The case of the off-duty police officer who faked the arrest of his step-daughter’s boyfriend took a turn yesterday, when the boy’s parents released a cell phone video of the incident. The case began last week when the cop discovered that his fourteen-year-old daughter had sex with her boyfriend. He showed up at the boy’s house in full uniform, put the boy in handcuffs, and lectured him on what he had done wrong before releasing him. Both the boy and the girl were later cited for having with a minor.
The boy’s parents complained immediately after the incident, and investigators have been trying to determine whether the cop did anything wrong and abused his authority as an officer of the law. They claimed that the officer scared the boy by putting him in handcuffs and warning him that “The district attorney will probably file charges.”
The new video, taken by the boy’s father, is being cited by the boy’s parents as evidence of what actually happened, but also by the police officer’s attorney as evidence that the policeman did not overstep his bounds. There is no evidence of violence against the boy, and at one point, the boy’s father scolds the boy, saying, “Use your head. Think about what he is talking to you about. Listen to his words. Replay them in your head.” At no point in the video do the parents show any disapproval of what the police officer did.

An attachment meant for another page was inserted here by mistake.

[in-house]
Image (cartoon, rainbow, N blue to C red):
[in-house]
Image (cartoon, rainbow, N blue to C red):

The parents later claimed that before they began videoing the incident, the police officer took the boy alone into another room. They heard a thud, and when they went in, they found him getting off the floor in handcuffs.
The officer is now on administrative leave while the investigation proceeds. According to Independent Police Auditor LaDoris Cordell, the officer did violate at least two provisions in the police manual, including the rule that, “When an officer is on duty or is off duty, that officer will avoid becoming officially involved in quarrels or disputes occurring in their own neighborhoods.” To avoid similar incidents in the future, the police are determining whether a new code of conduct concerning interactions with people that police officers know personally should be put in place.
Read More at ABC 7.
Read More at The Mercury News.